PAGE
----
Inspired by an expedition into Ecuador’s ancient caves, the vaunted techno producer presents an immersive ambient album designed to accompany guided trips.
What music should soundtrack the psychedelic revolution? That’s one of many meta-inquiries bewildering neuroscientists as they work to make psychedelic-assisted therapy more widely available—and legal. The music, they’ve discovered, really matters, since it not only supports the trip but can actually shape it, steering the patient toward new mental frontiers. And yet, most clinical researchers have still been using the same choppy playlists of Brahms, Bach, and the Beatles. They wanted something better—something less familiar, more bespoke—and Jon Hopkins was determined to fill the void.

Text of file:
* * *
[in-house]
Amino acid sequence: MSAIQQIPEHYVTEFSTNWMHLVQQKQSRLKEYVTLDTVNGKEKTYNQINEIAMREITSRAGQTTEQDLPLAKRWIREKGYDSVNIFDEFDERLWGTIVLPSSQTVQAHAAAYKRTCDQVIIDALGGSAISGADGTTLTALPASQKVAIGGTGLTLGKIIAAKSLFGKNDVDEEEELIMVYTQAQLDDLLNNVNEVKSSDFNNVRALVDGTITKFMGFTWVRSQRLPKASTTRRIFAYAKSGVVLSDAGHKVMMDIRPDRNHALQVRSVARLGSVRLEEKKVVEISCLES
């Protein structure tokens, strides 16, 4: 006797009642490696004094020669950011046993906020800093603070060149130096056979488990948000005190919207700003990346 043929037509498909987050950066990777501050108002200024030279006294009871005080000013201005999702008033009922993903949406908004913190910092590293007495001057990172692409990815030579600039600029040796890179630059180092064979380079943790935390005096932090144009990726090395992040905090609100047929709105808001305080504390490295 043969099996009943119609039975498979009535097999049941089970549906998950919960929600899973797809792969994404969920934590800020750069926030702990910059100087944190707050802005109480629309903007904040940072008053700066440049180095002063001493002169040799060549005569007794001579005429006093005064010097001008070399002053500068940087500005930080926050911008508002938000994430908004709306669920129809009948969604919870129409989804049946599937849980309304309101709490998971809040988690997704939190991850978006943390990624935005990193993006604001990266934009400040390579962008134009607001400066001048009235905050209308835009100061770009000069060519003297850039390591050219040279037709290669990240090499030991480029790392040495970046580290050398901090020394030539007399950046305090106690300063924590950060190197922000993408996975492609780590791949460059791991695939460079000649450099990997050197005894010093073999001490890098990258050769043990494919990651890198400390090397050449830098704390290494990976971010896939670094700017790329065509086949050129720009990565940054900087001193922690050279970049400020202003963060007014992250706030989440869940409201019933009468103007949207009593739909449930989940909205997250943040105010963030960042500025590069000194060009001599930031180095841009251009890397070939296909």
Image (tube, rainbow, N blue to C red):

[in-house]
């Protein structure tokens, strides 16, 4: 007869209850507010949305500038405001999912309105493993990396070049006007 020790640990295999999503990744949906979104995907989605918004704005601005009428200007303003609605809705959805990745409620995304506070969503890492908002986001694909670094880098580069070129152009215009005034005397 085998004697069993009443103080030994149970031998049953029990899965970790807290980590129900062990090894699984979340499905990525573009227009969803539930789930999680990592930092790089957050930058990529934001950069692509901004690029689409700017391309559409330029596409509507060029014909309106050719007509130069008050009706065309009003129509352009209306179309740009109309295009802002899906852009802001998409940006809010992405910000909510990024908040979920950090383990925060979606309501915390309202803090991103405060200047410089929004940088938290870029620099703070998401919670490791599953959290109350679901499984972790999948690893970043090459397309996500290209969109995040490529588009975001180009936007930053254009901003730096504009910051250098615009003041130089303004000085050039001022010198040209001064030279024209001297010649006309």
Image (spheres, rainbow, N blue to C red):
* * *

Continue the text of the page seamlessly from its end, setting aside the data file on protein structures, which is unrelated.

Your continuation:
In 2018, the British electronic producer set off on a mission to conceptualize a new genre of music specifically engineered to enhance guided trips. That, he has said, is how he wound up in a cave in the Amazon rainforest, marveling at nature and thinking about synths. The field recordings from that expedition form the basis of Music for Psychedelic Therapy, his immersive soundtrack to consciousness exploration that’s timed to the length of a ketamine high. A glacial, continuous ambient piece that draws on the epic beauty of nature, it’s a thoughtful blueprint for what the future of this field might sound like: spacious, delicate, comforting, a pastel mural of sound.